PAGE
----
The Making of the Mission goes for 28 minutes, 41 seconds as it presents movie clips, behind the scenes materials, and interviews. We hear from Abrams, Cruise, co-producer Arthur Anderson, co-screenwriters Alex Kurtzman and Roberto Orci, action unit director Vic Armstrong, costume designer Colleen Atwood, special effects supervisor Dan Sudick, special effects foreman Gintar Repecka, special effects – Italian unit Daniel Acon, art director – Italian unit Stefano Ortolani, visual effects supervisor Roger Guyett, production designer Scott Chambliss, visual effects producer Tom Peitzman, assistant stunt coordinator Joey Box, Spider Cam operator Todd “Hammer” Semmes, flight control/rigging Ben “Panda” Britten Smith, Chinese unit 1st AD Sylvia Liu Ching Yi, producer Paula Wagner, and actors Jonathan Rhys-Meyers, Maggie Q, Keri Russell, Michelle Monaghan, and Philip Seymour Hoffman.
We get some quick notes on how Abrams came onto the project, staging various stunts and practical effects pieces, location shoots and sets, costumes, visual effects, various camera techniques, and general thoughts on the flick. Don’t expect a terribly coherent view of the production from “Making”. It flits from subject to subject with abandon, so it doesn’t follow the flick in a very logical and smooth manner. However, it boasts enough good information and footage from the set to make it worthwhile. I especially like the view of how all the elements combine for the Bay Bridge sequence. I’d have preferred something a little clearer, but we get some good pieces here.
Five Deleted Scenes fill a total of five minutes, 33 seconds. These include “Ethan Fight At the Top of the Stairs” (0:50), “Zhen Fight In Computer Room” (0:39), “Musgrave Cemetery Conversation” (1:32), “Lindsey Graduates” (0:39) and “Vatican Entry Extended” (1:45). “Musgrave” offers an intriguing character twist, and “Graduates” presents a mildly interesting glimpse of Lindsey’s relationship with Ethan. The rest are forgettable.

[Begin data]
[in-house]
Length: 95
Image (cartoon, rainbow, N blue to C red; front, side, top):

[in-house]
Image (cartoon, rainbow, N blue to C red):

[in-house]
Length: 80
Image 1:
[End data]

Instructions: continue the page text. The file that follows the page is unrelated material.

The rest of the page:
Tribute Montage: Excellence in Film is a nine-minute and 13-second compilation of clips from Cruise movie’s created to precede his receipt of an award. This comes across as self-congratulatory on a DVD of this sort. It never proves especially interesting.
Disc One opens with a few ads. We get promos for Tranformers, World Trade Center, and Tom Cruise DVDs.
Heading to Disc Two, we focus mainly on a series of featurettes. These begin with Inside the IMF, a 21-minute and 14-second component. It includes notes from Cruise, Abrams, Maggie Q, Rhys-Meyers, Wagner, Kurtzman, Orci, Hoffman, Russell, Atwood, Monaghan and actors Laurence Fishburne, Ving Rhames, Simon Pegg and Billy Crudup. The show looks at casting, story and characters. No real depth occurs here, as the program concentrates on minor tidbits and favors praise for all involved. It does little more than tell us the plot and make sure we applaud the actors. It rarely gives us much of value.
For the 25-minute and 38-second Mission Action: Inside the Action Unit, we hear from Abrams, Armstrong, Cruise, Wagner, Box, Russell, Kurtzman, Orci, utility stuntman Scott Armstrong, and stuntman Buster Reeves. As implied by the title, we learn about the creation of the movie’s action sequences. The program goes through various fights, stunts and other set pieces. There’s still too much praise to be found here, but at least we learn something along the way. We get a nice view of how they execute various challenges, and the copious amounts of behind the scenes footage helps make this a useful show despite all the happy talk.